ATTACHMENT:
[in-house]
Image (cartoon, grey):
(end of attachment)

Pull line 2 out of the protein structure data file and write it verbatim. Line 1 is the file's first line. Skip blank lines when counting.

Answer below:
Image (cartoon, grey):